by: Max M Rasmussen

Homemade dinner sausage - danish medister

I had never thought of the traditional danish sausage "medister" as anything special. Until I got Astas homemade version. It was different, juicy and flavourful. It kept the basis of a classic "medister", yet still managed to be much better. It was a whole new experience, that opened my eyes to the possibility that medister could be something other than the rather tasteless experience I had previously been used to.


1 serving meatball mix for "frikadeller"

  • 500 g (1.1 lbs) minced pork (or a 50/50 mix of pork and veal)
  • 1 medium onion, finely chopped
  • 1-2 dl milk
  • 2 eggs
  • 2 tbsp flour
  • 1 stock cubes or 1 tbsp chicken powder (optional)
  • 1/2 tbsp salt (only 1 tsp if you use a stock cube.)
  • 1 pinch pepper

1 serving sausage specific mix

  • 100 g (3.5 oz) lard (can be the smoked kind) (optional) 
  • ½ tsp. allspice ground
  • ¼ tsp coriander, ground
  • ¼ tsp ginger ground(Astas secret) 
  • ¼ tsp nutmeg, grated


  • 5 meters (16 feet) sausage casing, from porc intestine (the smallest package you can get) 


Rinse the casings in plenty of cold running water.  I usually put on end on my tap and let the water run through it. Like a garden hose.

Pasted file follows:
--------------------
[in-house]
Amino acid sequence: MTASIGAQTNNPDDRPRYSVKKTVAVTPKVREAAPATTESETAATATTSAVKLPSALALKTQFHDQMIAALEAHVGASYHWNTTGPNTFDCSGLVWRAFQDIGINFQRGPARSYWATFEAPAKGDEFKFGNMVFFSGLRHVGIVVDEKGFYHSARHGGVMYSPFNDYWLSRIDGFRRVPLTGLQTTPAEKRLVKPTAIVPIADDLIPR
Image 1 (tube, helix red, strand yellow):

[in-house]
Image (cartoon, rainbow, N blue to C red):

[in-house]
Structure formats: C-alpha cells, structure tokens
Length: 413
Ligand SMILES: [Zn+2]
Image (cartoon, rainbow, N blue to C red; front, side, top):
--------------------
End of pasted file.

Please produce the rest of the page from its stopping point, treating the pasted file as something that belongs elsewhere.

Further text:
Chop the lard finely in a mincer or food processor.

Mix all the ingredients.

Use a sausage filler to fill up the casing. There are many different kinds of fillers, so you must do it like it says in the instruction manual for your model.

In general though.

  • make the nozzle wet
  • put all the casing on the nozzle at once, as close to the tip of the nozzle as possible.
  • do not tie a knot. It will catch air and cause troubles.
  • gently pull and squeeze the casing while filling it with the mince. 

It is important not to fill up the casing too much. Use only around half of what you think. It should be very soft and flaccid. The mince expands a lot when heated and will make the casing crack.


First brown it in the pan and turn down the heat. Then let the roast slowly until finished. About 10-15 minutes on low heat.

You can also boil it in water in lightly simmering water, for 10-15 minutes. Then it should be browned in a frying pan before serving.

It's done when the internal temperature is over 65°C (150°F) degrees. Then it will usually reach a few degrees higher after resting a short while, and it will be perfect. Please use a meat thermometer.

If the temperature becomes too high it will become gritty in texture.


Medister: means "with ister (Med ister)" - "Ister" is the Danish word for "suet". It is the fat that sits around the intestines of the pig. It is not often that you can buy suet in the supermarket, but lard is a good substitution.